author = "Lamberto Felli and Luca Biglieni and Michele Fiore and Matteo Coviello and Roberto Borri and Maurizio Cutulo",
year = "2012",
month = "9",
doi = "10.1007/s00776-012-0261-5",
language = "English",
volume = "17",
pages = "634--637",
journal = "Journal of Orthopaedic Science",
issn = "0949-2658",
publisher = "Springer Japan",
number = "5",

}

TY - JOUR

T1 - Functional study of glenohumeral ligaments

AU - Felli, Lamberto

AU - Biglieni, Luca

AU - Fiore, Michele

AU - Coviello, Matteo

AU - Borri, Roberto

AU - Cutulo, Maurizio

PY - 2012/9

Y1 - 2012/9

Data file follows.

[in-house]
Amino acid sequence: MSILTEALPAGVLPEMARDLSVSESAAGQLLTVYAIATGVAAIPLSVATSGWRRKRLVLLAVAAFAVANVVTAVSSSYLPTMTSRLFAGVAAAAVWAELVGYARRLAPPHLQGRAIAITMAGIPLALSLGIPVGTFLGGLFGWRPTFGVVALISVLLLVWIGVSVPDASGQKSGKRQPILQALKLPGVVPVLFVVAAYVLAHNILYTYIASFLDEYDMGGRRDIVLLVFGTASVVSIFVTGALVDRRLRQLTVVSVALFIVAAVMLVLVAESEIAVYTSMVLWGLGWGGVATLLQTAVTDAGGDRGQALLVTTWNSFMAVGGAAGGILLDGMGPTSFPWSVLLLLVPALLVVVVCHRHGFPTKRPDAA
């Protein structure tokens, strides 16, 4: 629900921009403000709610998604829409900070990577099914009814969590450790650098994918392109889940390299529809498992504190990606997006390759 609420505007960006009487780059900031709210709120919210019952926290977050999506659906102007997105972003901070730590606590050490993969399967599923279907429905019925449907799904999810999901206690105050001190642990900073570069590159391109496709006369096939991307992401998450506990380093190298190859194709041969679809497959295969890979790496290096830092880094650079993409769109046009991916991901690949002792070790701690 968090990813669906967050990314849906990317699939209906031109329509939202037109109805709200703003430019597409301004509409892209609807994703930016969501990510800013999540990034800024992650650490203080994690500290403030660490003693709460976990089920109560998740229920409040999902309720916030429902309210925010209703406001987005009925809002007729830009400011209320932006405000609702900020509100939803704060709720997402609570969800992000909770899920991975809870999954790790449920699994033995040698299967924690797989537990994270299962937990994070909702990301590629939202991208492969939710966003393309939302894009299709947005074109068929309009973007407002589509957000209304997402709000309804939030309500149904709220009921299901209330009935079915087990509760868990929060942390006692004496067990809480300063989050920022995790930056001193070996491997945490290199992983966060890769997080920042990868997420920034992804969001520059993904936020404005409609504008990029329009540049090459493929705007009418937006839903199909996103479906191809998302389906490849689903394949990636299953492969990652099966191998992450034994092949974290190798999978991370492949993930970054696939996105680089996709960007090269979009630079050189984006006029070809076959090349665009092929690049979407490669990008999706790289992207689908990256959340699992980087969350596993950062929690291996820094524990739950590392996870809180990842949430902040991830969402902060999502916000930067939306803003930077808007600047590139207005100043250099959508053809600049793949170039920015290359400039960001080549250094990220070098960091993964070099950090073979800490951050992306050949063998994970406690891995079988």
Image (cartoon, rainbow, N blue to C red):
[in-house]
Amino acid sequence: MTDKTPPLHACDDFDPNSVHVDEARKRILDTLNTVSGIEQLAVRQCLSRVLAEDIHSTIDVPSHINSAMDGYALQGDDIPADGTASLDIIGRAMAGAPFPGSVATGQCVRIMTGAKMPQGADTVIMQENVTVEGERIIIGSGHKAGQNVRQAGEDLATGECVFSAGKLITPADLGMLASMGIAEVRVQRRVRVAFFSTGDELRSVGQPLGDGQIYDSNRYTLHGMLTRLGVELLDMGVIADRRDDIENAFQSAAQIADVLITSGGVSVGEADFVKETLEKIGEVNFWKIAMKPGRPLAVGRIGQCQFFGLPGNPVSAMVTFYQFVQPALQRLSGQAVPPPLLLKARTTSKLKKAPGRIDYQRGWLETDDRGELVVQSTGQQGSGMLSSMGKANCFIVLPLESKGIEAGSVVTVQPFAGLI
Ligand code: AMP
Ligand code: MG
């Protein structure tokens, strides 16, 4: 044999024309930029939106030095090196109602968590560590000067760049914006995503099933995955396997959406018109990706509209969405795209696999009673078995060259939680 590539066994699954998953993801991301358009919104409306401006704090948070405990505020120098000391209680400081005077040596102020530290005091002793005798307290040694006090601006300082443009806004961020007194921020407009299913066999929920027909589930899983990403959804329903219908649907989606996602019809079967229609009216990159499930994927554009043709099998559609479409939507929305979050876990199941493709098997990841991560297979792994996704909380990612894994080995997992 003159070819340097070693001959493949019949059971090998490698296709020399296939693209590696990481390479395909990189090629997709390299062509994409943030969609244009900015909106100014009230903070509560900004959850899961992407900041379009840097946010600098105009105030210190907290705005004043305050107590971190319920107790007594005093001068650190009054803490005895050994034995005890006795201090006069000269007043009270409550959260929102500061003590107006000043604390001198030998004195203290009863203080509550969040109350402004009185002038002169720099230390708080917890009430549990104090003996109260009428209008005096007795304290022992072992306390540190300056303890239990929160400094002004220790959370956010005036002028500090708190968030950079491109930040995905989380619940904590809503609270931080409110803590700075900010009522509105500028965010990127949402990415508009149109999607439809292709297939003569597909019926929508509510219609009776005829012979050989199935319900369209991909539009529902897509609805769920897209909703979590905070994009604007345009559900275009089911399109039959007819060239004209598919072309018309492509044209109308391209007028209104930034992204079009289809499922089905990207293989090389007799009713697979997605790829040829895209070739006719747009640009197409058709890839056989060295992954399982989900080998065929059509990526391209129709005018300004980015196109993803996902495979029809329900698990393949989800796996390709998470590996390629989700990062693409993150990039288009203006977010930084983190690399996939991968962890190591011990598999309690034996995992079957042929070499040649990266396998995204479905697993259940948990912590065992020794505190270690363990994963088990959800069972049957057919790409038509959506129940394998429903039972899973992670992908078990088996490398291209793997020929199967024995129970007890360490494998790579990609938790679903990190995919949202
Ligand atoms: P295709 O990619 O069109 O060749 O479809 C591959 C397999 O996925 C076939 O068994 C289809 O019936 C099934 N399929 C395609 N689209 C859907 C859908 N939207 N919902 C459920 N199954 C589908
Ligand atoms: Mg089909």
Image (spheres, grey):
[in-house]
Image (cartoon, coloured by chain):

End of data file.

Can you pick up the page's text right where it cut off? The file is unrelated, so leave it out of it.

N2 - Background: The glenohumeral ligaments are passive stabilising anatomical structures of the shoulder which, in synergy with the other active and passive stabilising structures, enable joint movement and cohesion. The purpose of this study is to analyse the isolated and synergic function of the glenohumeral ligaments by using a tetrapolar detection system with computer analysis. Methods: In a study performed on cadavers after anatomical dissection, detector electrodes were positioned on the individual ligaments and recordings were made of bioelectric impedance and, consequently, the resistance, which is an indicator of the state of tension or relaxation of the ligamentous complex. Predefined positions of the upper limb were adopted - neutral adduction, adduction with external rotation, abduction at 45° with neutral and external rotation, and abduction at 90° with neutral and external rotation. Results: The superior glenohumeral ligament is important in stabilisation of the glenohumeral joint in adduction and external rotation. The middle glenohumeral ligament is an important stabilising structure in the positions of adduction and external rotation and abduction up to 45° in external rotation. The resistance, and therefore tension, of the inferior glenohumeral ligament, which is negligible in positions of neutral adduction and adduction in external rotation, increases in value for angles between 45° and 90°, indicating the important stabilising function of this ligament in those positions. Conclusion: Our experimental study on cadavers, which involved evaluating the resistance of the glenohumeral ligaments by means of tetrapolar detection and computer analysis of the results, contributes to our knowledge of the functional activity of the anterior portion of the joint capsule.